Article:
“It was a crazy, fun life,” she says, explaining that, as a lyric soprano, she would sing lighter soprano roles, such as Mimi in Puccini’s “La Boheme,” Marguerite in Gounod’s “Faust,” and various roles in Mozart’s operas.

She is casual about bumping into someone like Placido Domingo during a normal workday. “I saw (the stars) all the time, and some were even good friends,” Teti says. “They were great people, although we’ve lost some of the most wonderful ones, like Sills. Blessedly, we still have their art to listen to.”

Teti retired from the opera world in the 1970s to raise a family, though her husband Joe encouraged her to continue her career.

“I decided to put opera aside and commit to marriage and family, and it was the right call,” she says.

The couple, who now resides in Washington Crossing, Pennsylvania, have three grown children — two sons and a daughter — all of whom are very much interested in music.

Teti’s role as a councilwoman and mayor of Lawrence Township has turned out to be quite helpful in running CPNJ’s board. “I’m a people person,” she says.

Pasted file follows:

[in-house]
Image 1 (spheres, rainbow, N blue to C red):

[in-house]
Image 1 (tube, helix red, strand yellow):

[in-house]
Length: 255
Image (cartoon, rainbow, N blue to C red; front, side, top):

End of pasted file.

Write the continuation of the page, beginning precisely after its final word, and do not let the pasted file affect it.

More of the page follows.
“I love to talk to people and I’m pretty forthright,” Teti says. “I talk to the orchestra when they rehearse, I get to know them, let them know what they’re doing to make this project succeed. There’s a certain honesty in face-to-face sharing.”

“As far as the board, I work with them like I used to with the council, working by consensus, letting everybody put their ideas on the table,” she says. “We try to understand all the issues that face us and come to an amiable agreement.”

Naturally, Teti’s musical experience helps her role with CPNJ, and in fact, she says her background in music drives her love for the orchestra and her desire to see the group succeed.

“The people who donate often include notes and letters to us saying, ‘Trenton needs this, please don’t stop, we want this to continue,’” she says. “Like them, I can recognize the culturally enriching side of the orchestra, and what needs to be done (to keep it strong). For those who don’t understand, I can help them understand better.”

Capital Philharmonic of New Jersey, Patriots Theater at the War Memorial, 1 Memorial Drive, Trenton. Saturday, October 21, 7:30 p.m., $30 to $75 via 215-893-1999 or